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SUMMARY Background and Overview Thirty-five individuals from within and outside the mathematical sciences community, of whom a large majority constituted a broad, representative cross section of the community's leadership, participated in the May 1996 workshop "Actions for the Mathematical Sciences in the Changed Environment." In addition, 10 invited speakers presented their views to workshop participants regarding the general themes of new opportunities, the Washington environment, the view of scientists, perspectives on education, the roles and implications of national needs for the mathematical sciences, and major trends at research universities. A list of participants and the workshop agenda appear in Appendix A. Drafts of most speakers' papers (nine of which are presented above in this summary report) were provided to participants in advance of the workshop, along with a number of participants' individual position papers. Also, a copy of BMS's 1992 report Educating Mathematical Scientists (the "Douglas" report; NRC, 1992; available for reading on the World Wide Web at http://www.nap.edu/bookstore/pod/POD355.html), a summary report of NSF's recent workshop report Graduate Education and Postdoctoral Training in the Mathematical and Physical Sciences (NSF, 1996), a summary of the 1995 Committee on Science, Engineering and Public Policy (COSEPUP) report Reshaping the Graduate Education of Scientists and Engineers (NAS/NAE/IOM, 1995; also available online at http://www.nap.edu/readingroom/books/grad/index.html), and a photocopy of the (out of print) 1990 BMS report Actions for Renewing U.S. Mathematical Sciences Departments (available on the World Wide Web at http://www2.nas.edu/bms/215e.html) were sent to each participant as preparatory background for the event. Most of the speakers participated in subsequent workshop break-out group and plenary discussions. Highlights From the large number of issues raised in speakers' presentations, background information, and extended workshop discussion (see, for example, Small Group Discussion background in Appendix A), participants focused on several broad topics for much of their considerations, including (1) defining departmental responsibilities and setting departmental goals, (2) broadening and improving education, (3) making connections with other disciplines, (4) rethinking faculty evaluation, (5) framing funding strategies, and (6) improving communication, and offered (7) closing observations. In those contexts, workshop discussions addressed a number of themes. Note: This summary reflects the workshop discussions as refined by further consultation with workshop participants, and subsequent NRC review.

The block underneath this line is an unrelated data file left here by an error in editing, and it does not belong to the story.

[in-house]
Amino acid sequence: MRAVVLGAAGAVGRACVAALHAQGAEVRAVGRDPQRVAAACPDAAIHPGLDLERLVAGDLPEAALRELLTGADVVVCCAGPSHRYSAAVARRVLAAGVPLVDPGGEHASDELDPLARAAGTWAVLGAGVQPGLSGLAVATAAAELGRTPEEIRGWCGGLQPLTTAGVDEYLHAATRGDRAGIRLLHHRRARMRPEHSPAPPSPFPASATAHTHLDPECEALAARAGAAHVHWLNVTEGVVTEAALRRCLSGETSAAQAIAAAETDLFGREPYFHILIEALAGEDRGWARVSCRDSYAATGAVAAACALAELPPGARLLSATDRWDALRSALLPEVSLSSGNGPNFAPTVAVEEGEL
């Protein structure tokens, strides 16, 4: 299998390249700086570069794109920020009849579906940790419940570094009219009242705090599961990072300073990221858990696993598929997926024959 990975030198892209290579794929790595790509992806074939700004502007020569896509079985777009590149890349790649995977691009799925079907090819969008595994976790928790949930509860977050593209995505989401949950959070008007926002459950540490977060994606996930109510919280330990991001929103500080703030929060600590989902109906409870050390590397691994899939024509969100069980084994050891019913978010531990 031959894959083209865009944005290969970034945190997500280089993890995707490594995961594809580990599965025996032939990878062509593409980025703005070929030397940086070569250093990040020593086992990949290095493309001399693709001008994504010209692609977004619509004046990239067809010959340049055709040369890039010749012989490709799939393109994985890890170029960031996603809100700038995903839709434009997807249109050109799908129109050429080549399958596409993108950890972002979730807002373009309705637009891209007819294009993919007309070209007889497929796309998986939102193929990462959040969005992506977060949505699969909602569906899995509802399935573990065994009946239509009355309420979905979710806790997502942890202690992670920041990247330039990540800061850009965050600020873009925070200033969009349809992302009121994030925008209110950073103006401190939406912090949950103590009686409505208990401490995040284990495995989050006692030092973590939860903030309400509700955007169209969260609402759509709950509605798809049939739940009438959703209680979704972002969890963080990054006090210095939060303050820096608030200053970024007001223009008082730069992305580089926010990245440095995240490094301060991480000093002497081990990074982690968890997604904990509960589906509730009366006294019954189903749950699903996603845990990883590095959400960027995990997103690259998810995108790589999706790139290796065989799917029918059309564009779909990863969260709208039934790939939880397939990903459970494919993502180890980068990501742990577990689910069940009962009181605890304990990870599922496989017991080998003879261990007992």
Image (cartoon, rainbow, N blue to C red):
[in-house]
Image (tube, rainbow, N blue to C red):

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Defining Departmental Responsibilities Diversity in the focus of different mathematical sciences departments is desirable and healthy, but each department will necessarily define its unique role. An individual department is the best body to decide what it could or should do to meet its societal responsibilities and respond to the challenges that face the community. This is a good time for a department to re-examine its responsibilities and goals within its local university framework. In so doing, it might delineate for itself what challenges it needs to address, and devise strategies for addressing them. Added to the omnipresent challenge of preserving the nation's pre-eminent strength in research and discovery in all mathematical sciences areas, there now are new challenges confronting mathematical sciences departments. They include educating large numbers of non-mathematical sciences majors; making the mathematical sciences more accessible to all students; training mathematical sciences majors in a manner that promotes career development in teaching, business and industry, government, or advanced study and research; and preparing mathematical sciences graduate students for diverse career options. Provided with the necessary resources, many departments might be even more successful in meeting these challenges than previously. Those departments that wish to have a way of demonstrating their progress, both for their own benefit and for communicating their accomplishments to others, might identify ways to assess performance or progress toward meeting these challenges. Mathematical sciences professional societies are the best stewards to develop an effective means for accumulating, centrally depositing, and making available for general use (say, through the World Wide Web) valuable data of interest to many departments, as well as to the whole profession. In recent years, a number of mathematical sciences departments have developed creative or more effective ways of performing customary tasks and implementing innovative directions or methods.1 However, it takes considerable time for the larger mathematical sciences community to learn what works well, what has been or is being explored, and what changes are under way at various different institutions. Information about innovative departmental strategies—for instance, in curriculum and educational programs, as well as about unusually successful traditional ones—might be made more widely available as examples to emulate and analyze. A coordinated database of departmental strategies that are submitted in a standard format could be created at a single site on the World Wide Web, and availability of this database made known at national professional society meetings. Having such information posted in a consistent format on the World Wide Web would permit searches, an accumulation of data on mathematical sciences departments for continuing analysis, and a repository for archiving and accessing the experiences of different departments concerning innovation and experimental approaches in research, scholarship, and education. Such postings might also be 1 Examples include the University of Chicago mathematics department's new master's degree program in financial mathematics, and the University of Notre Dame mathematics department's new policy to have senior faculty who are the most effective lecturers teach the freshman-level courses for non-mathematics majors.